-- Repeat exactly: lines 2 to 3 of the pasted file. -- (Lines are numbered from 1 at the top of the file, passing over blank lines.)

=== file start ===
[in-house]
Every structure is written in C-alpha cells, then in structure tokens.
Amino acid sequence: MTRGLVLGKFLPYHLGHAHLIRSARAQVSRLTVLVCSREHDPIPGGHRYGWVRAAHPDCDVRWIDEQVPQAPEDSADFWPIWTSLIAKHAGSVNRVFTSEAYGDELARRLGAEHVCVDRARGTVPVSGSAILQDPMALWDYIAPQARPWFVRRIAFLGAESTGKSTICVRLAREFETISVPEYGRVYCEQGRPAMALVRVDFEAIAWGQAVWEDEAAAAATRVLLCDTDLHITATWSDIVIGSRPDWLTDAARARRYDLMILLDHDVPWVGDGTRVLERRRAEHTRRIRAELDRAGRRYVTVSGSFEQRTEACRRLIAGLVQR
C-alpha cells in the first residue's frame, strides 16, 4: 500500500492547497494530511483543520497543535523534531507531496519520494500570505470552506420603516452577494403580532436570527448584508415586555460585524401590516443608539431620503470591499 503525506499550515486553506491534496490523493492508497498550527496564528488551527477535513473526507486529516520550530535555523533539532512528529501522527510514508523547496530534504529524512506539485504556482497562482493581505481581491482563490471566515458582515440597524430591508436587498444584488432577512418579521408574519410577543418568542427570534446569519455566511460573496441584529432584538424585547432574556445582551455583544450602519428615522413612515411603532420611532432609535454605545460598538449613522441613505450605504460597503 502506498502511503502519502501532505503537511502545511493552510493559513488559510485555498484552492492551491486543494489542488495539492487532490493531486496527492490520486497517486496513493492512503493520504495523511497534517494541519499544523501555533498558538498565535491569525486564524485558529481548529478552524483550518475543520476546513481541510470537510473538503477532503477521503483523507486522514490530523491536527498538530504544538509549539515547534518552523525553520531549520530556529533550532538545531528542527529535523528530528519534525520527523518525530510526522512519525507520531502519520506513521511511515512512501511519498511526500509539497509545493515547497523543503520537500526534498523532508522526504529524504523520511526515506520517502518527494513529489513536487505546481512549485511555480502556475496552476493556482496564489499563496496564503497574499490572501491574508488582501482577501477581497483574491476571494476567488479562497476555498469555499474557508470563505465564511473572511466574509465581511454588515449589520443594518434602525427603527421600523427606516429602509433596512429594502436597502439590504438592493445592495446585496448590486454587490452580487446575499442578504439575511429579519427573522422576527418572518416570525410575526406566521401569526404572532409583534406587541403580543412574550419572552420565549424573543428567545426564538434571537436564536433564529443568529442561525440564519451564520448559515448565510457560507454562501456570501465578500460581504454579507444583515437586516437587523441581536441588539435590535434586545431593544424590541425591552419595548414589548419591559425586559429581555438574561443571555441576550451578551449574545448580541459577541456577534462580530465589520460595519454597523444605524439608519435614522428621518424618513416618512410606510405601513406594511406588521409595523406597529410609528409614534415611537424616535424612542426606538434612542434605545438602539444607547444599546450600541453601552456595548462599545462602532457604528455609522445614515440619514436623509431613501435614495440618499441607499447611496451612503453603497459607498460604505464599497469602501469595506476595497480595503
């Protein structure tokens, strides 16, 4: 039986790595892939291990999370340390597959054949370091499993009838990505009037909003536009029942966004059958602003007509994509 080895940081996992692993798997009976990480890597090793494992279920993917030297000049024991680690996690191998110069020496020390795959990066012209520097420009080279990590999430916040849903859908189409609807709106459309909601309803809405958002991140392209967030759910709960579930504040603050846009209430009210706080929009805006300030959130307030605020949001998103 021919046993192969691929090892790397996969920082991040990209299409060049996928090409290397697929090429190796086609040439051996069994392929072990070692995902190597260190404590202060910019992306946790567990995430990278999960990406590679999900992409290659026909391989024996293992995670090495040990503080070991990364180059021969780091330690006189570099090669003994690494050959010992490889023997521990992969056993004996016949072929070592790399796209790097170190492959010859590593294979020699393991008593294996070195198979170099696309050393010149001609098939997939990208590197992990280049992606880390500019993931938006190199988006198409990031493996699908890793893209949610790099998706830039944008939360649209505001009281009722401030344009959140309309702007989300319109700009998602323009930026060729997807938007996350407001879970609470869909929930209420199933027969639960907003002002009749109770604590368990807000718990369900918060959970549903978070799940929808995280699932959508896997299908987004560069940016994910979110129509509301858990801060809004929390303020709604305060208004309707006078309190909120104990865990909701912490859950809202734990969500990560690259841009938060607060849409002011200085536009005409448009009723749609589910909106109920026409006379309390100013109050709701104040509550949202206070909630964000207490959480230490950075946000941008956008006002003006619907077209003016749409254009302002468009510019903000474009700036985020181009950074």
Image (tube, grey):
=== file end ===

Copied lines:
Every structure is written in C-alpha cells, then in structure tokens.
Amino acid sequence: MTRGLVLGKFLPYHLGHAHLIRSARAQVSRLTVLVCSREHDPIPGGHRYGWVRAAHPDCDVRWIDEQVPQAPEDSADFWPIWTSLIAKHAGSVNRVFTSEAYGDELARRLGAEHVCVDRARGTVPVSGSAILQDPMALWDYIAPQARPWFVRRIAFLGAESTGKSTICVRLAREFETISVPEYGRVYCEQGRPAMALVRVDFEAIAWGQAVWEDEAAAAATRVLLCDTDLHITATWSDIVIGSRPDWLTDAARARRYDLMILLDHDVPWVGDGTRVLERRRAEHTRRIRAELDRAGRRYVTVSGSFEQRTEACRRLIAGLVQR